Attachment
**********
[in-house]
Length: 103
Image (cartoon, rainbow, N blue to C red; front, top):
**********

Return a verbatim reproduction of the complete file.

[in-house]
Length: 103
Image (cartoon, rainbow, N blue to C red; front, top):